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Reviews » Blu-ray Reviews » Upgrade (Blu-ray)
Upgrade (Blu-ray)
Universal // R // August 28, 2018 // Region Free
List Price: $24.99 [Buy now and save at Amazon]
Review by William Harrison | posted October 2, 2018 | E-mail the Author
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C O N T E N T
V I D E O
A U D I O
E X T R A S
R E P L A Y
A D V I C E
Highly Recommended
E - M A I L
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P R I N T
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THE FILM:

My favorite movie from the Summer of 2018 was one hardly anybody saw: Leigh Whannell's Upgrade. A rousing, expertly crafted B-movie, Upgrade offers a spirited leading performance by Logan Marshall-Green and plenty of violent thrills. An unexpected reprieve from soulless summer blockbusters (I'm looking at you, Jurassic World: Fallen Kingdom.), Upgrade is a dystopian tale set on the fringe of a future utopian society in which cars drive themselves, drones patrol the streets, and the technology to beat paralysis exists. Marshall-Green's Grey Trace becomes a one-man army after being fitted with that technology, provided by a creepy tech innovator (Harrison Gilbertson). Grey spends the majority of Upgrade seeking to avenge his own injuries and hurt the men who hurt his family. Upgrade is lean, pulpy B-movie magic with solid replay value thanks to its performances and Whannell's sharp writing and direction.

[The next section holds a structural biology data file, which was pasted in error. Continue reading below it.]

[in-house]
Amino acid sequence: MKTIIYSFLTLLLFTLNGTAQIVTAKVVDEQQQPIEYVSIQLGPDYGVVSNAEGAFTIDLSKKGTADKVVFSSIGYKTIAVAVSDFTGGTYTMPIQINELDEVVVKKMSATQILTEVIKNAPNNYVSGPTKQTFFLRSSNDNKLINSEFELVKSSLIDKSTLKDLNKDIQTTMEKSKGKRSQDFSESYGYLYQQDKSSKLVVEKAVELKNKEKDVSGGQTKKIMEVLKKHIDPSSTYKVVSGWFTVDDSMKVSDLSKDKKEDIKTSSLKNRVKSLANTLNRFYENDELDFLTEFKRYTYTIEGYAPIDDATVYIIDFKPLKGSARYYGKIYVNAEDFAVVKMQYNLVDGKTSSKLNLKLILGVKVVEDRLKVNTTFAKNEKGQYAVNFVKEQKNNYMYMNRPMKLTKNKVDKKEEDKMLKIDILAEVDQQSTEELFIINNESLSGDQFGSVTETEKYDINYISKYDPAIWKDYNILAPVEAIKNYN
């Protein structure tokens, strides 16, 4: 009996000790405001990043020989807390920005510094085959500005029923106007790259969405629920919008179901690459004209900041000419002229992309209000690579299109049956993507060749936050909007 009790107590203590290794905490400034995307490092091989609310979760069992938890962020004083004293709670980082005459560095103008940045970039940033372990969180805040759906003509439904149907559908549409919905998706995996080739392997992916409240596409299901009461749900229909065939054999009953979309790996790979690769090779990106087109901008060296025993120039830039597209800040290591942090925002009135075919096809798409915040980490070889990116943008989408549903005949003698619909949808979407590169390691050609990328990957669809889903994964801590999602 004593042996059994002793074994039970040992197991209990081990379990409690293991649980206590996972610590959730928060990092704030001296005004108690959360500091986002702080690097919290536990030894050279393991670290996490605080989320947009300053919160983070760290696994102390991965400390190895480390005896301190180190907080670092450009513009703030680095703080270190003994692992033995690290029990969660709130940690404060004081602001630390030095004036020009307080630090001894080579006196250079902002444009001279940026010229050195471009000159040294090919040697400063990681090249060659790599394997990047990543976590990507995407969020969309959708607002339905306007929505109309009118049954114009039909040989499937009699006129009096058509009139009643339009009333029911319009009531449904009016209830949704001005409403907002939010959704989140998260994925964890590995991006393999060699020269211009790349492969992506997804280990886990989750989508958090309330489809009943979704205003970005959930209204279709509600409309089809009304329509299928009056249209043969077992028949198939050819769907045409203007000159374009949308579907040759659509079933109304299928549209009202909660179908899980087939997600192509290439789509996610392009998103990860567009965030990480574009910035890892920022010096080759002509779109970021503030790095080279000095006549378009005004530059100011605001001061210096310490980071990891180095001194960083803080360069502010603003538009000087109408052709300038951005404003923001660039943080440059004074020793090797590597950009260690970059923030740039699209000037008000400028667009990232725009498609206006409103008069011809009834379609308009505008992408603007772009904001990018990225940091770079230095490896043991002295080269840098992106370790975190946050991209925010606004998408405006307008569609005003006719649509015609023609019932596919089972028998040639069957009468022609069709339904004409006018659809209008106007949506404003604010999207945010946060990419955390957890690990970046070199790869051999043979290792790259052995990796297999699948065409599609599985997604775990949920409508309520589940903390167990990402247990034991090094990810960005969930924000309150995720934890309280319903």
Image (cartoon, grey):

Grey restores classic cars for wealthy buyers who choose American muscle over the automated, self-driving boxes that litter the streets in the future. He lives happily in a gorgeous home, also automated, with his wife, Asha (Melanie Vallejo). One night, Asha accompanies Grey on a delivery to Eron Keen (Gilbertson), who works for rival technology company Vessel. Keen shows the pair his newest innovation, STEM, a computer chip capable of serving as an auxiliary brain. Grey and Asha then drive home in her modern car, which suddenly becomes unresponsive and accelerates rapidly before flipping and crashing into a homeless camp. Within minutes, several men arrive and try to rob the injured couple. Before he can respond, Grey is shot in the back, and Asha is ultimately killed by one of the men. Grey survives but is paralyzed, and is forced to rely heavily on his mother (Linda Cropper) for assistance. When Keen offers him a chance to walk again by using an implanted STEM, Grey jumps at the chance.